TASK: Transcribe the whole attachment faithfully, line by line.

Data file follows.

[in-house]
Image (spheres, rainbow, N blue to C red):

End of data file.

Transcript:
[in-house]
Image (spheres, rainbow, N blue to C red):